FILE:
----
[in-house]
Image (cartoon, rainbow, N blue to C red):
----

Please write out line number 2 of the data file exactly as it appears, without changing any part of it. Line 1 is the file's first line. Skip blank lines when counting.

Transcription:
Image (cartoon, rainbow, N blue to C red):